Truffles and chocolates

When I asked Ernesto what would he wanted for breakfast Saturday of last week, he answered: "Spaghetti al tartufo, mamma-Spaghetti with truffle, mommie". And yes, he was serious. Tartufi marzolini

The first week in March, both Ernesto's current school, Miraloma Elementary, and his former pre-school, La Scuola Internazionale di San Francisco, hold their yearly auctions and every year, my truffle guy ships a generous in-kind donation straight from Italy to contribute to the success of the events.

As he's a stickler for quality, Piero Cipriani always puts in a sample for Ernesto and me to test. This year, we were blessed with 300 grams of bianchetti or marzolini, white spring truffles bursting with uncomplicated earthy flavors that I find best brought out by the subtle addition of anchovies.

By the way, Piero will ship directly from Italy truffles that are dug by cousins of his. Should you be interested, I would be happy to put you in touch with him.

 

On the chocolate front, I have been putting my training at Perugina's Scuola del Cioccolato to good use...

Baci e Cioccolato 1On Valentine's Day, 50 people at San Francisco's Italian Cultural Institute learned how to say "I love you" the Italian way by making and eating Baci Perugina. We all had a blast and went home happily covered in chocolate.

Over the next 2 month, at La Scuola di Eataly in Chicago on Saturday 4/5 and in New York, on Saturday 4/12 and 5/10, during 3 classes on Baci, I will make them, chat about their history, use them as ingredients in two of my original creations, chat about how my family shaped Perugina from a high end confectionery shop in the heart of my hometown into the world wide brand it is today, and share memories of growing up under this delectable legacy.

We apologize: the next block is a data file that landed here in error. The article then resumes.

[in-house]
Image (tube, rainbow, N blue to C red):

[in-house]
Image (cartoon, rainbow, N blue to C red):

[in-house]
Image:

I have worshiped at the altar of anything associated with Lidia Bastianich since my first risotto at her NYC's legendary Felidia Ristorante in the mid 80's, so I am thrilled beyond what words can express at the thought of teaching at Eataly, a place I consider the ode to all I hold sacred in my chosen field.

Click on my event calendar for details on registering for the Perugina chocolate workshops. I hope to see some of you there and, if you are reading from Chicago or New York, spread the word.

Spaghetti con salsa di tartufi bianchetti Spaghetti with March white truffles (aka: Ernesto's favorite breakfast)Spaghetti ai marzolini

for 6 people: 100 grams March white truffles 5 olive oil packed anchovies fillets 1 to 2 teaspoons green garlic (or 1/2 clove regular garlic) olive oil salt to taste black pepper to taste 1 pound bag of spaghetti 1/4 cup toasted pine nuts (optional)

Clean the truffles as follows: loosen the dirt with a new nail brush. Finish removing the dirt under running water while scrubbing each truffle with the brush. Dry well with a paper towel. Note that this needs to be a very quick operation, the truffles shouldn't be in the water flow for more than a couple of minutes.

Keep the smallest truffle (or a piece of truffle) whole and place the rest in the bowl of a food processor with the anchovies and green garlic.

Adding the olive oil in a stream, grind into a loose paste. Add black pepper to taste, and salt if necessary, though the sauce should be salty enough from the anchovies.

Place the truffle sauce in a warm, shallow serving bowls.

Cook the spaghetti very al dente in boiling, well salted water. If using, chop the pine nuts roughly.

Fish the spaghetti out of the water with tongs and transfer them into the bowl with the truffle sauce and toss well to coat thoroughly with the truffle sauce.

If they appear a little too dry, add a few spoonfuls of pasta cooking water to loosen the sauce.

Shave the reserved truffle on top and serve immediately as it is or dusted with the pine nuts.

NOTE:

  • I find that truffles are best kept well wrapped in a paper towel then placed in an airtight container.
  • Keep the dirt on them until you are ready to use them, it helps preserve them longer.
  • I have eaten well kept truffles up until after 2+ weeks of having received them from Piero and they were still delicious, though they had lost a bit of fragrance and the texture was a little softer.
  • Should you wish to freeze them, clean them as outlined above then wrap them in paper towel and aluminum place them in an airtight container and freeze them.
  • Better to use them frozen, without defrosting.
  • Note that frozen truffles are better used in sauces rather than shaved.